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D'Angelo & The Vanguard-Black Messiah ALBUM REVIEW

Written Before Listen

D’Angelo is a soul songwriter and multi-instrumentalist hailing from Richmond, VA. This album was recommended by an Instagram follower of mine @floris_bastijns. Prior to this, I only knew OF D’Angelo. I never truly listened to a project of his so I decided to accept the request and introduce myself to him.


With a little help from his friends, D’Angelo seems to carry the instruments all in his own bag. He is credited with playing piano, organ, synthesizer, guitar, steel guitar, classical guitar, sitar, bass, drum programming and more. There are also the occasional live drums from Questlove and the bass from the virtuoso himself, Pino Palladino. The way the instruments are combined together though…they create one hell of a funk fest. Hip hop drums, live bass, funky/bluesy guitar and smooth electric piano. A song like “1000 Deaths” has this very driving yet weird rhythm going on but with a song like “Sugah Daddy”, we have one of the most head-nodding pieces of R&B I’ve ever heard. I will say that nearly every track wowed me on an instrumental aspect but those are the main ones that caught me.

Vocal Performance

If you know D’Angelo, you will know that his vocal style is taking a lot of nods from 70s soul. Artists like Marvin Gaye, Curtis Mayfield, Al Green and even Prince are channeled in D’Angelo…but those are just comparisons. He is his own beast as well because his voice is distinctly his. Right after the doo-wop inspired “Sugah Daddy”, we have the super smooth “Really Love” which showcases his softer side. He might not be as expressive of a vocalist as let’s say an Erykah Badu, but his vocal style might be more versatile than hers.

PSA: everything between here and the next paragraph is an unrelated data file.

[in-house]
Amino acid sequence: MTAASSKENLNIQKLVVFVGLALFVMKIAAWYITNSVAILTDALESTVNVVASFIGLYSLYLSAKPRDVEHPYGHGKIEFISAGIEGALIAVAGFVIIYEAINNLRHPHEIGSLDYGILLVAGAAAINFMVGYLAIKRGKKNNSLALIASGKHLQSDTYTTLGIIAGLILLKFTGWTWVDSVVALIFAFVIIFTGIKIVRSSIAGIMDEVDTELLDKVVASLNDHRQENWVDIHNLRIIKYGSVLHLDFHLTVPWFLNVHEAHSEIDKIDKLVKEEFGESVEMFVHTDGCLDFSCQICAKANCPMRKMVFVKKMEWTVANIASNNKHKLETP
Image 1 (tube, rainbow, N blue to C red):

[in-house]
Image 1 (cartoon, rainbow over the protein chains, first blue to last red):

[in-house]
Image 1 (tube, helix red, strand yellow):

One thing I knew about D’Angelo was that he is a pioneer of the genre Neo-Soul. Neo-Soul as a genre itself is a mixture of many genres like hip hop, psychedelia and multiple R&B sub-genres. Speaking of Psychedelia, there is a lot of it here. The sitars are mixed in a very spacious way to make it sound otherworldly in a sense. There are also tracks like “1000 Deaths”, “The Charade”, “Prayer” and “Another Life” where the instrumentation is actually somewhat trippy and shapeshifting. This album is like a Neo-soul casserole. It takes the basic ingredients of Neo-Soul and psychs it up with rock and blues to make one tasty dish.


Going into this album, I thought I was going to get this super preachy/live instrument heavy album due to the title and cover. The funny thing is that this album is half politics/half love. The political songs are super strong with “The Charade” being my favorite one. Songs like “The Prayer” and “Till It’s Done (Tutu)” showcase a less preachy version as D’Angelo visions hope and motivation instead of addressing his trouble directly. The love songs on the other hand are rather super sexy or insanely sweet. “Sugah Daddy” might be one of the greatest sex songs I’ve heard in a long time and “The Door” is one of the most nostalgic ballads i’ve heard….EVER! Yeah….This album is amazing.


Well…I’ve already stated my love for this album but lets talk about a couple of weaknesses. Sometimes I think the songs go on a little longer than it should but that’s only occasional. There is also some parts on the track list where a super serious song gets right next to a super sexy one. Other than that, All I have to say is….this is amazing.


Kudos to @floris_bastijns. You got some good taste. This album was amazing. I need to listen to D’Angelos back catalog in the near future as I enjoyed the hell out of this album.



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